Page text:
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The Christian Credit Party was a short-lived Canadian political party founded in 1982 by perennial candidate and social credit activist, John Turmel who has, at various times, been involved in the Social Credit Party of Canada, the Green Party of Canada, and the Libertarian Party of Canada.
Turmel and his brother Raymond ran unsuccessfully in federal by-elections in 1982 under the Christian Credit Party banner. The party disbanded in 1983 due to lack of support. Turmel subsequently founded the Abolitionist Party of Canada with a similar program. The Abolitionist Party nominated candidates in the 1993 federal election.
The Canadian social credit movement is a Canadian political movement originally based on the Social Credit theory of Major C. H. Douglas. Its supporters were colloquially known as Socreds in English and créditistes in French. It gained popularity and its own political party in the 1930s, as a result of the Great Depression.
The Canadian Action Party (CAP) was a Canadian federal political party founded in 1997 and deregistered on 31 March 2017.
The Alberta Social Credit Party was a provincial political party in Alberta, Canada, that was founded on social credit monetary policy put forward by Clifford Hugh Douglas and on conservative Christian social values. The Canadian social credit movement was largely an out-growth of the Alberta Social Credit Party. The Social Credit Party of Canada was strongest in Alberta, before developing a base in Quebec when Réal Caouette agreed to merge his Ralliement créditiste movement into the federal party. The British Columbia Social Credit Party formed the government for many years in neighbouring British Columbia, although this was effectively a coalition of centre-right forces in the province that had no interest in social credit monetary policies.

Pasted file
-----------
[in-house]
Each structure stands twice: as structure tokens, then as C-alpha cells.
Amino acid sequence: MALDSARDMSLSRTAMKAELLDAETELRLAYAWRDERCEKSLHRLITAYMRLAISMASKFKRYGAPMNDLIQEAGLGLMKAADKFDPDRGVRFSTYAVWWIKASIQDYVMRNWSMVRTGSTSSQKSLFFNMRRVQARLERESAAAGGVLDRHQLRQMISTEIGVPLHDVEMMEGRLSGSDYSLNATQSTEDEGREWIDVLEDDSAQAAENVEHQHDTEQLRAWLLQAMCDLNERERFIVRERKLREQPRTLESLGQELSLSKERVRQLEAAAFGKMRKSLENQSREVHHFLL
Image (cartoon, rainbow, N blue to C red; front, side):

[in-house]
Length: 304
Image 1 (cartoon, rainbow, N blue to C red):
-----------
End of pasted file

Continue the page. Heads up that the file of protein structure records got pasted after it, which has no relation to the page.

The Social Credit Party of Canada, colloquially known as the Socreds, was a conservative-populist political party in Canada that promoted social credit theories of monetary reform. It was the federal wing of the Canadian social credit movement.
The Abolitionist Party of Canada was a Canadian political party founded by perennial candidate John Turmel. The party ran on a platform of: monetary reform, including the abolition of interest rates and the income tax, the use of the local employment trading system of banking, and introducing a form of Social Credit with monthly dividends being paid out to each Canadian.
Historically in Quebec, Canada, there were a number of political parties that were part of the Canadian social credit movement. There were various parties at different times with different names at the provincial level, all broadly following the social credit philosophy; at various times they had varying degrees of affiliation with the Social Credit Party of Canada at the federal level.
The Christian Democrat Party of Canada was a Canadian political party that organized briefly in 1981-82, in an attempt to start a right-wing populist party.